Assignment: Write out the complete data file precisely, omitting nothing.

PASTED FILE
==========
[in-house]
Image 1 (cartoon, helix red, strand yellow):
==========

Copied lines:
[in-house]
Image 1 (cartoon, helix red, strand yellow):